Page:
Cinnamon and sugar get me every time. The combination of the two (with maybe just a little butter) has always been one of my favorites. This love affair started a long time ago.
When I was growing up, my paternal grandmother made these cinnamon rolls that would knock your socks off. They were without a doubt one of the best things I’ve ever eaten. That was over 20 years ago, and I can still taste them. Sadly though, the recipe died with her. And surprisingly enough, I’m kind of okay with it. I think those cinnamon rolls and that recipe were meant just for that special moment in time. I’m also grateful for the fact that her cinnamon rolls started a quest for me to taste and create as many cinnamon-and-sugar-based recipes as I could to mimic that unforgettable flavor. I have yet to succeed, but I’m sure having fun with all of my attempts.
Today’s recipe, Cinnamon Roll Skillet Bread, leads me back to A Year of the Skillet. I’ve been waiting to make a large skillet-style cinnamon roll for quite some time, so I was thrilled when I found this recipe from Seasons & Suppers. Thanks for the inspiration and recipe, Jennifer!
I changed the recipe slightly and because of the size of the dough, used a much larger skillet. I recommend a 12-inch skillet, although you can probably get away with a 10-inch.
I also enjoyed this recipe because it involved yeast and making dough. I was once intimidated with yeast, but after spending a year working with it, I’ve come to appreciate bread making and how delicious homemade bread can be. While time consuming, it’s always worth it and so rewarding.
Anyway, I was super pleased with this recipe. If you celebrate Easter or are hosting a breakfast / brunch soon, this beauty would be perfect. Give me a chunk of this and a big cup of coffee and I’m set. Talk about an awesome way to start your day. Plus, your house will have a delightful smell when this bad boy is baking. Yum!
Here's what you will need:
For the dough:
3 cups all-purpose flour
4 tablespoons sugar
2 teaspoons salt
3 teaspoon instant yeast
1/4 cup water, warmed to 105-110 degrees F
1 cup milk, warmed to 105-110 degrees F
3 tablespoons butter, melted
For coating the dough:
1/2 cup butter, melted
1/2 teaspoon vanilla
3/4 cup brown sugar
1 1/2 teaspoons cinnamon
For the streusel topping:
1/4 cup brown sugar
1 teaspoons cinnamon
1 tablespoon butter, cold
For the glaze:
2 cups confectioner's sugar
1/4 cup milk
1/4 cup butter, melted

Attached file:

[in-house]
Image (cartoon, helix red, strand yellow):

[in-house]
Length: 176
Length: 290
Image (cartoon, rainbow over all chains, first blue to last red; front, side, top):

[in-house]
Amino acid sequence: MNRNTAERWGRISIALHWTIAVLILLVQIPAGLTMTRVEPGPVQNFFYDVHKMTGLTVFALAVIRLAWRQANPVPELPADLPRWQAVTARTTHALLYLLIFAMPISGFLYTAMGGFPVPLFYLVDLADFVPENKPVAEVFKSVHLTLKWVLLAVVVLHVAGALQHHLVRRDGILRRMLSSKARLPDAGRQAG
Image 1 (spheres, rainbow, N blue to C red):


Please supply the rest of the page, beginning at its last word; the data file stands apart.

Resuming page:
1 teaspoon vanilla
1/4 teaspoon salt
Begin by making your dough. In a small bowl, mix together the yeast and warm water. (This mixture should bubble. That's how you know the yeast is active.) In the meantime, in a bowl of a stand mixer equipped with a dough hook, combine the flour, sugar, and salt. Then add the warmed milk, melted butter and proofed yeast. Knead with the dough hook until smooth. Add more flour if the dough is feeling too sticky. Remove the dough and place it in a lightly oiled bowl. Cover with plastic wrap, then a towel, and let it rise until it's doubled in size (about an hour).
Grease a 12-inch skillet and set aside.
For the coating: in a small bowl, combine the melted butter and and vanilla. In another small bowl, mix together the brown sugar and cinnamon. Next, divide the dough into two pieces and roll each piece into a rope about 3 feet long. Place the dough on a piece of parchment paper. Liberally brush with the melted butter and vanilla mixture, making sure to cover all sides of the dough. Once buttered, coat all sides of the dough with the brown sugar and cinnamon mixture.
Then, pinch the ends of the ropes together and twist them together. Pinch the other ends once twisted.
Starting in the center of your skillet, place the twisted dough inside and wind it around. If you have any extra butter from the brushing, drizzle it over the dough. Cover the skillet with plastic wrap and let the dough rise until doubled in size (about an hour).
In the meantime, prepare the streusel topping. Combine the brown sugar and cinnamon in a small bowl. Then, using a fork or pastry cutter, cut in the cold butter. Set aside.
Preheat your oven to 350 degrees F. Once the dough is doubled, sprinkle with the streusel topping and bake for 40-45 minutes. If you notice that your bread is getting too dark, lightly cover it with a piece of aluminum foil. Remove from oven and allow to cool slightly.
Prepare the glaze by whisking together the confectioner's sugar, milk, melted butter, vanilla, and salt. Stir until smooth, adding more milk if necessary to achieve the desired consistency. Pour evenly over slightly cooled bread.
As you can imagine, one bite of this and the memories just flooded back. While it’s not Grandma’s, I love this recipe. I hope you do, too.